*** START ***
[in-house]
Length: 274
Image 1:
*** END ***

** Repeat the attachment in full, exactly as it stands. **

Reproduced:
[in-house]
Length: 274
Image 1: